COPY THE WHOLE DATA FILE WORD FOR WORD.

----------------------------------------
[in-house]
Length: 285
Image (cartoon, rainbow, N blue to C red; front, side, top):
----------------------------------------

[in-house]
Length: 285
Image (cartoon, rainbow, N blue to C red; front, side, top):